The Ambassador offered a similar three-level array of trim stages labeled 800 (foam cushions but little else that you'd call a bonus), 880 (armrests, carpets, hood insulation, dome light switch, etc.) and 990 (same extra equipment as Rambler 770).
The feature that chiefly distinguished it from, the Rambler, however, was its standard V-8, still at 250 horsepower, with 270 optional. With the Ambassador sharing virtually every other feature with the cheaper Rambler, the V-8 was the only reason to pay the extra money for one (about $300-$400 car for car), since you could not get a V-8 Rambler.
The evidence is that AMC had finally hit upon the right Ambassador formula: sales of 1963s exceeded 37,000, a record for the model. Also, people definitely wanted luxury: Ambassador 990s outsold 880s nearly 2-to-1, and the baseline 800 hardly registered on the graphs. (Only 43 two-doors were built.)
In 1964, AMC's emphasis was on the redesigned American -- as pretty a car as Dick Teague ever crafted. Rambler/Ambassador changes were confined to a facelift, plus one new model, a two-door hardtop.
Offered only as an upper-level Rambler 770 or Ambassador, the hardtop offered an enormous glass area, and sales were brisk. Especially attractive was the Rambler Typhoon, a limited edition (2,520 units) painted Solar Yellow with black roof and front bucket seats.
Striving again to fine-tune his marketing attack, Roy Abernethy now decreed a move that George Romney would never let him do: put V-8s into Ramblers. To give them some sales room, he pared the Ambassador line to four models, all 990s.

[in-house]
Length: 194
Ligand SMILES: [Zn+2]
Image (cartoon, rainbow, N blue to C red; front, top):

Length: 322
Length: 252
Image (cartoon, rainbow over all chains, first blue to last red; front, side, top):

The Rambler's 287 was a sprightly engine, probably capable of a lot more power than it produced; but it wasn't the key to riches. People still definitely visualized Ramblers as economy cars, and sixes outsold V-8s by a wide margin.
Again the mid range 660 enjoyed most of the sales. The Ambassador, which looked more like a Rambler than ever now, sold at only 50 percent of its 1963 level; even the addition of a "loaded" 990-H model with "everything standard" ($3,000) did not rescue the top-of-the-line in 1964.
During calendar year 1964, AMC built fewer than 400,000 cars for the first time since 1961, falling to eighth in the industry. In the next few years it would drop still further behind, ending the decade with annual outputs of about a quarter-million units.
The company's problem was twofold: Its traditional best-seller, the Rambler, was no longer in vogue, because prosperity was back and with it a public thirst for horsepower and performance; and because the new models AMC was introducing were not regarded as unique enough to change the buying habits of traditional Big Three customers.
It still had many interesting developments ahead, but American Motors as giant-killer had come and gone.
For the 1963-1964 AMC/Rambler Ambassador & Classic specifications, go on to the next page.
For more information on cars, see:
1963-1964 AMC/Rambler Ambassador & Classic Specifications
The 1963-1964 AMC/Rambler Ambassador and Classic may have started out stubby and slow, but chief stylist Richard Teague turned these economical cars into smooth, streamlined beauties with tons of options and V-8 pep.
Engines: ohv I-6,195.6 cid (3.13 × 4.25), 127/138 bhp; ohv V-8, 287 cid (3.75 × 3.25), 198 bhp; 327 cid (4.00 × 3.25), 250/270 bhp
Transmissions: 3-speed manual; overdrive and Flash-O-Matic 3-speed automatic optional
Suspension front: upper and lower A-arms, coil springs
Suspension rear: live axle on 4-link trailing arms, coil springs
Brakes: front/rear drums
Wheelbase (in.): 112.0
Weight (lbs): 3,100-3,340
Top speed (mph): NA
0-60 mph (sec): NA